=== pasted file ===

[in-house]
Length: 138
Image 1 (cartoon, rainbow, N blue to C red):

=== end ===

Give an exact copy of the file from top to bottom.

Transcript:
[in-house]
Length: 138
Image 1 (cartoon, rainbow, N blue to C red):